almost anything to oblige him. Toad was watching both of them closely.
"Come along in, and have some lunch," he said, diplomatically, "and we'll talk it over. We needn't decide anything in a hurry. Of course, I don't really care. I only want to give pleasure to you fellows. 'Live for others!' That's my motto in life."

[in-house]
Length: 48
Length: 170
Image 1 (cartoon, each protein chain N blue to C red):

During luncheon—which was excellent, of course, as everything at Toad Hall always was—the Toad simply let himself go. Disregarding the Rat, he proceeded to play upon the inexperienced Mole as on a harp. Naturally a voluble animal, and always mastered by his imagination, he painted the prospects of the trip and the joys of the open life and the roadside in such glowing colours that the Mole could hardly sit in his chair for excitement. Somehow, it soon seemed taken for granted by all three of them that the trip was a settled thing; and the Rat, though still unconvinced in his mind, allowed his good-nature to over-ride his personal objections. He could not bear to disappoint his two friends, who were already